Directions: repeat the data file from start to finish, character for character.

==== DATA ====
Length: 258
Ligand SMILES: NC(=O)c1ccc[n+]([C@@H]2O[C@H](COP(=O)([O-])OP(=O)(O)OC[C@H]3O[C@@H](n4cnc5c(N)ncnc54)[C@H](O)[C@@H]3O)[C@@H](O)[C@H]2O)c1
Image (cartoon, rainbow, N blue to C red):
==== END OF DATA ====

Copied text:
Length: 258
Ligand SMILES: NC(=O)c1ccc[n+]([C@@H]2O[C@H](COP(=O)([O-])OP(=O)(O)OC[C@H]3O[C@@H](n4cnc5c(N)ncnc54)[C@H](O)[C@@H]3O)[C@@H](O)[C@H]2O)c1
Image (cartoon, rainbow, N blue to C red):